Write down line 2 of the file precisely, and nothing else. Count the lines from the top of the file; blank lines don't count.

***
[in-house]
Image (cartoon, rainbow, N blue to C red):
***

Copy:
Image (cartoon, rainbow, N blue to C red):